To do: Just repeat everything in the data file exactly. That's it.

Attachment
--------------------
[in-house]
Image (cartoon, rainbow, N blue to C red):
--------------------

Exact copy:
[in-house]
Image (cartoon, rainbow, N blue to C red):